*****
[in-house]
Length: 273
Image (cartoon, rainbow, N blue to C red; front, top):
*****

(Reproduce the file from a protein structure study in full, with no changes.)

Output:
[in-house]
Length: 273
Image (cartoon, rainbow, N blue to C red; front, top):